Robert Daniel Johnston

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Robert Daniel Johnston
Robert D. Johston.jpg
Born (1837-03-19)March 19, 1837
Lincoln County, North Carolina
Died February 1, 1919(1919-02-01) (aged 81)
White Post, Virginia
Service/branch  Confederate Army
Years of service 1861 – 1865
Rank Confederate States of America General.png Brigadier General
Battles/wars American Civil War

Robert Daniel Johnston (March 19, 1837 – February 1, 1919) was a brigadier general for the Confederate States of America during the American Civil War.

Early life[edit]

Johnston was born in Mt. Welcome, Lincoln County, North Carolina, to Dr. William and Nancy Forney Johnston. He was first cousin to future Confederate generals William H. Forney and John Horace Forney. Before the war, Johnston practiced law.

Civil War[edit]

Johnston joined the Confederate States Army where he was appointed captain and given command of Company K, 23rd North Carolina Infantry on July 15, 1861. On April 16, 1862, he was promoted to lieutenant colonel of the regiment and on May 5 saw his first action at the Battle of Williamsburg, on the Peninsula. He succeeded to the command of the regiment following the Battle of Seven Pines, where he had been wounded. He returned to duty in time to participate in the Maryland Campaign and fought at the Battle of South Mountain and the Battle of Antietam.

At Chancellorsville, Johnston was given command of the 12th North Carolina Infantry, after that unit had lost all of its field officers. He returned to the 23rd for the Gettysburg Campaign and was wounded at the Battle of Gettysburg. He was promoted to brigadier general on September 1, 1863, and was given command of the brigade that Brig. Gen. Alfred Iverson, Jr., had commanded at Gettysburg. He commanded the brigade through the Overland Campaign in the spring of 1864 until he suffered his third wound at Spotsylvania. He returned to the brigade in August during Lt. Gen. Jubal A. Early's Shenandoah Valley Campaign. In that campaign he saw action at the Third Battle of Winchester, the Battle of Fisher's Hill, and the Battle of Cedar Creek. Along with the rest of Early's army, he returned to the Petersburg trenches to rejoin Gen. Robert E. Lee's Army of Northern Virginia. During his time at Petersburg, Johnston briefly commanded the division and served on detached duty attempting to catch deserters.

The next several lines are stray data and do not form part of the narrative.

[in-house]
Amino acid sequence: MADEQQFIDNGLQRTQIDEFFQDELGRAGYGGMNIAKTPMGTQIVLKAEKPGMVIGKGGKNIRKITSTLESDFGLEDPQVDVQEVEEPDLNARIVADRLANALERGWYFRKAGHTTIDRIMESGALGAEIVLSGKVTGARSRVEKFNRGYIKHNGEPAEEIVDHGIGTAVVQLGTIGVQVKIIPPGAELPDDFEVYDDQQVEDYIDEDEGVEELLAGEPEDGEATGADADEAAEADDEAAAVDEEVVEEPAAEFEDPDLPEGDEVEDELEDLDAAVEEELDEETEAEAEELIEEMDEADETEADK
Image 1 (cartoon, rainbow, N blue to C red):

Postbellum career[edit]

Following the war Johnston resumed his law practice in North Carolina and eventually became a banker in Alabama.[1]

Johnston married Elizabeth Johnston "Johnsie" Evans,[2] who founded the Alabama Boys' Industrial School.[3] They had nine children. He was the father of Medal of Honor recipient Gordon Johnston.[4]

See also[edit]


  1. ^ Sifakis, Stewart (1988). Who Was Who in the Confederacy: A Comprehensive, Illustrated Biographical Reference to More Than 1,000 of the Principal Confederacy Participants in the Civil War. New York: Facts on File. ISBN 0-8160-2204-6. OCLC 19921710. 
  2. ^ "Alabama Women's Hall of Fame - Elizabeth Johnston". Alabama Women's Hall of Fame. 
  3. ^ Armor, Jerry C. (2014). A Home for Wayward Boys: The Early History of the Alabama Boys' Industrial School. NewSouth Books. ISBN 978-1603063456. 
  4. ^ "Col. Johnston Dies of Injury at Polo" (PDF, fee required). The New York Times. The New York Times Co. March 9, 1934. p. 19. Retrieved 2008-04-04. 


External links[edit]